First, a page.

By WAN –
March 30, 2018
CNW Group, World Animal Protection
The Travel Corporation (TTC) and its family of 30 global brands are working with World Animal Protection to improve the lives of animals through profitable and sustainable tourism.
World Animal Protection has worked with TTC in reshaping the experiences they offer to be more animal-friendly and supporting the phase-out of cruel activities including bullfights, captive whale and dolphin attractions and, most significantly, removing elephant rides and shows from their trips visiting Thailand.
“We recognize the immense potential the travel industry has to change the world for the better and we can do that with the valuable guidance of leading organizations like World Animal Protection,” Brett Tollman, Chief Executive, The Travel Corporation and Founder, The TreadRight Foundation noted in a statement. “We are proud to have partnered with World Animal Protection to work towards ensuring that the travel industry comes together as a community to protect wildlife and help show that animal-friendly venues can be profitable for local communities in the long-term. We appreciate that this is an important animal welfare issue that is bigger than any single organization.”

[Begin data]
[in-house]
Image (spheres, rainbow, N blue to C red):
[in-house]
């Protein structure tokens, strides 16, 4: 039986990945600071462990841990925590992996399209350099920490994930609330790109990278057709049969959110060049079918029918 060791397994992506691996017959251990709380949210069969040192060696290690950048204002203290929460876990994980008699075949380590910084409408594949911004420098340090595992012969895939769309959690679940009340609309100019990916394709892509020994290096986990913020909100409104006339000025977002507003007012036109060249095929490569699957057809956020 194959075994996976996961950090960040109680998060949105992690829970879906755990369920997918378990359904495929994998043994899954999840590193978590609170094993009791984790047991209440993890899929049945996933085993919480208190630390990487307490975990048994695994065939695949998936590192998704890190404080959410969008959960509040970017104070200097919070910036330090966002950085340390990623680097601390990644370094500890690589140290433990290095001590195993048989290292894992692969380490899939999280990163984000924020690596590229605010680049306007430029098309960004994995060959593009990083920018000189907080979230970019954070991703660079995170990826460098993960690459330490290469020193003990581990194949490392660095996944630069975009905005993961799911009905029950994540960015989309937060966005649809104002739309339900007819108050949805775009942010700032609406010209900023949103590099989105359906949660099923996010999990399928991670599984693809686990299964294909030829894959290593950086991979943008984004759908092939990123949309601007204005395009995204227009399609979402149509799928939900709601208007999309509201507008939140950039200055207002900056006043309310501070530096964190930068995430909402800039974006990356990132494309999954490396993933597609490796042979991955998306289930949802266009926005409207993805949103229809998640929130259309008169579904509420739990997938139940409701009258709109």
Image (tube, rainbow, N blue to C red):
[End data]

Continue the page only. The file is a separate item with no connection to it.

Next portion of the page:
This past September in Bangkok, World Animal Protection brought together leading global travel companies to meet with representatives of elephant riding camps across Thailand. They demonstrated a shift in consumer demand for elephant-friendly tourism, and encouraged local camps to phase out rides and shows and transition instead to elephant-friendly venues.